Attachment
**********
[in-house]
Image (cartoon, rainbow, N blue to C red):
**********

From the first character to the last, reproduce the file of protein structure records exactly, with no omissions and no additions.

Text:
[in-house]
Image (cartoon, rainbow, N blue to C red):